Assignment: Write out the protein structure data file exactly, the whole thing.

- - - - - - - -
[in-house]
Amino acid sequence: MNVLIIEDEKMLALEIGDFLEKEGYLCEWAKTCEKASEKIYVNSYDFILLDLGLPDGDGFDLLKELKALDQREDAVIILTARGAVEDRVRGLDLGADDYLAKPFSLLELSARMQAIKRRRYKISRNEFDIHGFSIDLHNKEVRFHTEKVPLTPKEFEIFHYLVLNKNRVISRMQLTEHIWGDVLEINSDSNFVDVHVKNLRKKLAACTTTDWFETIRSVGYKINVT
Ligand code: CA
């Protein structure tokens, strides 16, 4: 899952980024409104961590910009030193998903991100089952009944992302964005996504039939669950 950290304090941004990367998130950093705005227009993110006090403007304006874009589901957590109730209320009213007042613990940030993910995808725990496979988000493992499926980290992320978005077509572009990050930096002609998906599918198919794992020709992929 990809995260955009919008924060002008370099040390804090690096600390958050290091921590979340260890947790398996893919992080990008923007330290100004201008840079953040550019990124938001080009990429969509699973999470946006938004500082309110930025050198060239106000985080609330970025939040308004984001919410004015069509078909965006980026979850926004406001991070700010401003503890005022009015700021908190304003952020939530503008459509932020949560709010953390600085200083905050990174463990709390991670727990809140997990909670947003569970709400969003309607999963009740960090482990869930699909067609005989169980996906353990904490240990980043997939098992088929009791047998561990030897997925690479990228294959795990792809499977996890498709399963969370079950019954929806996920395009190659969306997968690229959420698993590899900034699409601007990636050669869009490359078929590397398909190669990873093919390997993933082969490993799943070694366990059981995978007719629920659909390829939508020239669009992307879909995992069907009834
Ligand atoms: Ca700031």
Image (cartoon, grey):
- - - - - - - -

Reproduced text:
[in-house]
Amino acid sequence: MNVLIIEDEKMLALEIGDFLEKEGYLCEWAKTCEKASEKIYVNSYDFILLDLGLPDGDGFDLLKELKALDQREDAVIILTARGAVEDRVRGLDLGADDYLAKPFSLLELSARMQAIKRRRYKISRNEFDIHGFSIDLHNKEVRFHTEKVPLTPKEFEIFHYLVLNKNRVISRMQLTEHIWGDVLEINSDSNFVDVHVKNLRKKLAACTTTDWFETIRSVGYKINVT
Ligand code: CA
């Protein structure tokens, strides 16, 4: 899952980024409104961590910009030193998903991100089952009944992302964005996504039939669950 950290304090941004990367998130950093705005227009993110006090403007304006874009589901957590109730209320009213007042613990940030993910995808725990496979988000493992499926980290992320978005077509572009990050930096002609998906599918198919794992020709992929 990809995260955009919008924060002008370099040390804090690096600390958050290091921590979340260890947790398996893919992080990008923007330290100004201008840079953040550019990124938001080009990429969509699973999470946006938004500082309110930025050198060239106000985080609330970025939040308004984001919410004015069509078909965006980026979850926004406001991070700010401003503890005022009015700021908190304003952020939530503008459509932020949560709010953390600085200083905050990174463990709390991670727990809140997990909670947003569970709400969003309607999963009740960090482990869930699909067609005989169980996906353990904490240990980043997939098992088929009791047998561990030897997925690479990228294959795990792809499977996890498709399963969370079950019954929806996920395009190659969306997968690229959420698993590899900034699409601007990636050669869009490359078929590397398909190669990873093919390997993933082969490993799943070694366990059981995978007719629920659909390829939508020239669009992307879909995992069907009834
Ligand atoms: Ca700031």
Image (cartoon, grey):